‘Tis the season for giving…and receiving. If you’re a social entrepreneur looking for items (other than funding) to put on your wishlist, check out these great reads.
The Fortune at the Bottom of the Pyramid by CK Prahalad
In my opinion, the definitive work on social enterprise and BOP business. The “how to” do good while doing good. The new anniversary edition includes additional case studies that provide critical learnings for social entrepreneurs of all stripes.
The Innovator’s Solution by Clayton Christensen and Michael Raynor
A famous treatise on innovation by the godfather of Innosight Ventures (Clayton Christensen). This sequel to “The Innovators’s Dilemma” lays out how disruptive innovation happens. Social enterprise and BOP business represent the extreme in disruptive innovation, so this is not just good reading, it’s hugely relevant.
Dealing with Darwin by Geoffrey Moore
Perhaps the most intense and thoughtful work on innovation out there. Geoffrey Moore walks through the innovation life cycle in great detail, thus putting forward a methodology for managing product and organizational life cycles for sustainable success. Because when these things are not well-managed, today’s Google becomes tomorrow’s GM.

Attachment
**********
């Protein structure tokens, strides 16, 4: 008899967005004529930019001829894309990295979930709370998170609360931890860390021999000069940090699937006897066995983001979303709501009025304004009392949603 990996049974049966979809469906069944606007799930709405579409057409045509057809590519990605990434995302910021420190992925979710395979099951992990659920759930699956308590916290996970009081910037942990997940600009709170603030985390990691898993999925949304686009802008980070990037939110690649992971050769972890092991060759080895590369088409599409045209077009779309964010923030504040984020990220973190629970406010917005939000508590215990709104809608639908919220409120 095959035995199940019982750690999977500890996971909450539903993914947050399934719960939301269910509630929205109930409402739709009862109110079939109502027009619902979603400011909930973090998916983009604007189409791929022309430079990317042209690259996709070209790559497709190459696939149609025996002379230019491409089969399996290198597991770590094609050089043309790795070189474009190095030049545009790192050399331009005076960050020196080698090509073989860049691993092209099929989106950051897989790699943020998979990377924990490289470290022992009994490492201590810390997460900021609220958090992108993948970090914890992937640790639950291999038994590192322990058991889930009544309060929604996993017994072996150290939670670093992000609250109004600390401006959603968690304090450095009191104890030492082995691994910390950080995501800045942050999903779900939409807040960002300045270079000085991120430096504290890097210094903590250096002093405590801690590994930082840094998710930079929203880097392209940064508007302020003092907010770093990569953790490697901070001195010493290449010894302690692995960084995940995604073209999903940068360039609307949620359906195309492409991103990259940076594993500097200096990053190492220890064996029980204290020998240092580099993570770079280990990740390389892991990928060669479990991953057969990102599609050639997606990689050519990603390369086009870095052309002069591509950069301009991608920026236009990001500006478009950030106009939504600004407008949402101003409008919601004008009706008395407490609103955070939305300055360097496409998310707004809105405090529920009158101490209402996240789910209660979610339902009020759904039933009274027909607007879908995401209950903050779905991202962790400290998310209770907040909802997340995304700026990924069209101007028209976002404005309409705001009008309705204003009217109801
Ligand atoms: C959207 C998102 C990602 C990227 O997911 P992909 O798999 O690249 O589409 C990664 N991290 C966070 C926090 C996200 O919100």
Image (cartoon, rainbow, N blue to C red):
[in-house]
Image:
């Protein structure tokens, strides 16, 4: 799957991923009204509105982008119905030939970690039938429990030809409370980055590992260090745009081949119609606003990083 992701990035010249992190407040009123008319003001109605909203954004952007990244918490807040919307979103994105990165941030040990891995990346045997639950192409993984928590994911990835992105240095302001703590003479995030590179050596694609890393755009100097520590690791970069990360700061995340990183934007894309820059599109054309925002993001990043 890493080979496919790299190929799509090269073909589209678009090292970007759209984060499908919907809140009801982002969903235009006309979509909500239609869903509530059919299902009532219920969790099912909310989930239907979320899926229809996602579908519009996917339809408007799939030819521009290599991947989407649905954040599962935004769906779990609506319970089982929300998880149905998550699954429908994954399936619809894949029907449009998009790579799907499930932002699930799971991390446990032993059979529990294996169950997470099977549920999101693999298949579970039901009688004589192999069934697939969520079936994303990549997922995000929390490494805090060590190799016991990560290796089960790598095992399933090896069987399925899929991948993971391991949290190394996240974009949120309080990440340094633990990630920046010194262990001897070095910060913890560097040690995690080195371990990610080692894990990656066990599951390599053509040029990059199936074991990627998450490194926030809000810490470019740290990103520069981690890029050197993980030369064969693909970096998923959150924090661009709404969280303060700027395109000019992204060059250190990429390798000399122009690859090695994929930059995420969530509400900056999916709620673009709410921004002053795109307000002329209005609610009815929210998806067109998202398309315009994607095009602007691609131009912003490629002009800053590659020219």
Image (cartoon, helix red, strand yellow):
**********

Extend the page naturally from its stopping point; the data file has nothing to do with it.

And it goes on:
Built to Last by James Collins and Jerry Porras.
The often-forgotten prequel to “Good to Great” by Jim Collins, this book outlines the factors that tend to create sustainable and visionary organizations. Along the way, they shatter a number of myths, including the idea that great companies began with great products and/or charismatic leaders or that they came into being to maximize profits.
Given the focus on metrics in the social enterprise space, I wanted this wish list to include a book on the topic. However, I couldn’t decide on just one, so you’ll have to choose for yourself. Â “Moneyball” by Michael Lewis is a fun and fascinating read on the metrics revolution in pro baseball led by Billy Beane and the Oakland A’s. The story give insight into how to make metrics that matter and illustrates how old metrics die hard. “Competing on Analytics,” on the other hand, is a more business-theoretical book that aspires to be a “how to” use metrics to establish competitive advantage. Lots of good anecdotes here, as well.